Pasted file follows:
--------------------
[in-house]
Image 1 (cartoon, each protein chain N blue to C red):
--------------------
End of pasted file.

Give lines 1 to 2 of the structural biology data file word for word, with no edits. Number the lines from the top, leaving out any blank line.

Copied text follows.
[in-house]
Image 1 (cartoon, each protein chain N blue to C red):